I recognize how important C147 is. The theme of “Gather” is glaringly relevant to this pandemic we’re living through, as our ability to gather (at least physically) has been halted by it. As both a collaborator and an organizer, I cannot help but think of the back end considerations that went into composing this issue: the ethics of representation in unprecedented times and the responsibility that comes with providing opportunities to writers and artists on the margins. As a reader, I’m also thinking about how I perceive these editorial decisions versus what voices I want and need to read right now.

Though I won’t congratulate any institution for doing the necessary work, it is edifying to read Su-Ying Lee’s words on the need for image and media literacy in “Reading Images Against Racism,” Mercedes Webb’s in-depth exploration of Christina Battle’s ongoing seed redistribution project, seeds are meant to disperse, in “To Reciprocate All They Freely Offer,” and the many other insightful works that have been brought together in this issue. Though this collection of texts will inevitably be seen as “timely” regardless, I’m grateful to C147 for allowing me the space to ruminate about what this term can really mean.

Philip Leonard Ocampo
Hi C Magazine,

If the “Gather” issue of C Magazine was a party— compiled of its writers and their subjects—I’m happy to note I wouldn’t be out of place, having a few direct or twice-removed connections that I could saddle up to and make conversation with while sipping a soda and snacking on a communal chip bowl. After a year in lockdown, why does the simplest gathering sound illicit?

A magazine issue is a bit like a party. You need a balance of personalities and tones, some to compliment each other, others to counter the energy in the room. I’ve been known to throw awful parties for my inability to curate a guest list: I invite everyone I know and let my friends, from vastly different areas of my life, fend for themselves. I tend to leave parties early, even when I’m the one throwing them, retreating to my room and into comfortable clothes.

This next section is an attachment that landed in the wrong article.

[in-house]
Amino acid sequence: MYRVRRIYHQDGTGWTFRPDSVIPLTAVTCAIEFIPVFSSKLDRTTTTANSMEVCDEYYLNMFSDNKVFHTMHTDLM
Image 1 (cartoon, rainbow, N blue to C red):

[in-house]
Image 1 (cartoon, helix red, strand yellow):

I guess what I’m saying is I don’t miss parties, I have magazines. And Zoom. And also other places to gather, as articulated by the “Gather” issue of C Magazine: in recipe swaps with my aunt, a monthly library meetup to discuss art, a performance streamed online by Lex Brown, internet rabbit holes and comment sections, taking photos of birds to identify, studio visits where the artist lets me make art alongside them, and in gathering wildflowers from the side of the road. I ordered Anne Boyer’s book after reading Lauren Fournier’s review, the act a kind of cross-medium book club that goes one way—a form of gathering that doesn’t depend on anyone else, but me, doing the work.

Gathering as a form to connect—in spite of difficulties born from either accessibility or circumstance— can be achieved through magazines, especially within the relatively small community of the Canadian art world. No opening party needed.

I guess this turned into a bit of a love letter.

Tatum Dooley